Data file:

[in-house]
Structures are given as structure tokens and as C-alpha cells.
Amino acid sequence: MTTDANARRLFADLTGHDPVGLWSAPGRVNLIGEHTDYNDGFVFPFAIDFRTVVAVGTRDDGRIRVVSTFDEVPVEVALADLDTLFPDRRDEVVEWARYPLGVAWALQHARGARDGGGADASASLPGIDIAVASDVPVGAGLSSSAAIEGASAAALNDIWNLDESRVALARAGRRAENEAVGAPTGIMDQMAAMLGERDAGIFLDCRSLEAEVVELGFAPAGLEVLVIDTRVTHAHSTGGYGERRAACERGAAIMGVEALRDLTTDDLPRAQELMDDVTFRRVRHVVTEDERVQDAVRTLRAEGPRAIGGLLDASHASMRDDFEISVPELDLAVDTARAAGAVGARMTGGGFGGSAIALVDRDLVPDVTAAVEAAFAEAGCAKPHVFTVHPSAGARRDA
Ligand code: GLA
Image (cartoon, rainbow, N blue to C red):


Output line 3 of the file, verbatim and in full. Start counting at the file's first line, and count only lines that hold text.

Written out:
Amino acid sequence: MTTDANARRLFADLTGHDPVGLWSAPGRVNLIGEHTDYNDGFVFPFAIDFRTVVAVGTRDDGRIRVVSTFDEVPVEVALADLDTLFPDRRDEVVEWARYPLGVAWALQHARGARDGGGADASASLPGIDIAVASDVPVGAGLSSSAAIEGASAAALNDIWNLDESRVALARAGRRAENEAVGAPTGIMDQMAAMLGERDAGIFLDCRSLEAEVVELGFAPAGLEVLVIDTRVTHAHSTGGYGERRAACERGAAIMGVEALRDLTTDDLPRAQELMDDVTFRRVRHVVTEDERVQDAVRTLRAEGPRAIGGLLDASHASMRDDFEISVPELDLAVDTARAAGAVGARMTGGGFGGSAIALVDRDLVPDVTAAVEAAFAEAGCAKPHVFTVHPSAGARRDA